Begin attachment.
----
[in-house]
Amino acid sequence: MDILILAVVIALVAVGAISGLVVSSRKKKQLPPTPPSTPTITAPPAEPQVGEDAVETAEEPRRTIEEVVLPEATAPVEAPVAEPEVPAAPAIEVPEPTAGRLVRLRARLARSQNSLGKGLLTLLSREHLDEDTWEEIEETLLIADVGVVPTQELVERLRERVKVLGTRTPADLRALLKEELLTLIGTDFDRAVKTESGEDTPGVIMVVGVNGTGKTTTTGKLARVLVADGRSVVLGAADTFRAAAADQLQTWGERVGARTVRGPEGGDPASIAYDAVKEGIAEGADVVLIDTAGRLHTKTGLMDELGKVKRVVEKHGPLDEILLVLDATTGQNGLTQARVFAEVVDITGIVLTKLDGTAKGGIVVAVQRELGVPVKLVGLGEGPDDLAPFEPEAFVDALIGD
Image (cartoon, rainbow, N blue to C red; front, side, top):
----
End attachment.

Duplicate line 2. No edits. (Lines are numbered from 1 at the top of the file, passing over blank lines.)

Amino acid sequence: MDILILAVVIALVAVGAISGLVVSSRKKKQLPPTPPSTPTITAPPAEPQVGEDAVETAEEPRRTIEEVVLPEATAPVEAPVAEPEVPAAPAIEVPEPTAGRLVRLRARLARSQNSLGKGLLTLLSREHLDEDTWEEIEETLLIADVGVVPTQELVERLRERVKVLGTRTPADLRALLKEELLTLIGTDFDRAVKTESGEDTPGVIMVVGVNGTGKTTTTGKLARVLVADGRSVVLGAADTFRAAAADQLQTWGERVGARTVRGPEGGDPASIAYDAVKEGIAEGADVVLIDTAGRLHTKTGLMDELGKVKRVVEKHGPLDEILLVLDATTGQNGLTQARVFAEVVDITGIVLTKLDGTAKGGIVVAVQRELGVPVKLVGLGEGPDDLAPFEPEAFVDALIGD